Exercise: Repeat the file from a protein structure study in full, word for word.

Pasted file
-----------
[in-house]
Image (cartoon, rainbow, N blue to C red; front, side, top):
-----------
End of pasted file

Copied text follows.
[in-house]
Image (cartoon, rainbow, N blue to C red; front, side, top):